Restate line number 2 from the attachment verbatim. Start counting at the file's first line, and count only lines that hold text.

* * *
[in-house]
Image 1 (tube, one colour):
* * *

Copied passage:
Image 1 (tube, one colour):